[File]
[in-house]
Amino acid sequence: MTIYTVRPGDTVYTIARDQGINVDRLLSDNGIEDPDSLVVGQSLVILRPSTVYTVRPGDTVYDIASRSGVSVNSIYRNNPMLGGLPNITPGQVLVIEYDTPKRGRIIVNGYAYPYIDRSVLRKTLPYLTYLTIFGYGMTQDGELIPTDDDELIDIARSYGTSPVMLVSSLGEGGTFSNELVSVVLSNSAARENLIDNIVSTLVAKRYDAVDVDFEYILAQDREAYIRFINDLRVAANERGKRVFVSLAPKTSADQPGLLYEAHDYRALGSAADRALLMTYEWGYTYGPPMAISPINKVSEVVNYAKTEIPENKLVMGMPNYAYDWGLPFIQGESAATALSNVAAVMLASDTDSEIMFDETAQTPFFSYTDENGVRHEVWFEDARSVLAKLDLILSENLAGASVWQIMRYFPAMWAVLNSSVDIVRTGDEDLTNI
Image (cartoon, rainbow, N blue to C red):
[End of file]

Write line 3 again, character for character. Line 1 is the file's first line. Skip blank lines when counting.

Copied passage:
Image (cartoon, rainbow, N blue to C red):